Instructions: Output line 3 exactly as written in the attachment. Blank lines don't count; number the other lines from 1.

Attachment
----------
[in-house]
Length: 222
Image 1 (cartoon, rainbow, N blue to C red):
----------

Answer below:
Image 1 (cartoon, rainbow, N blue to C red):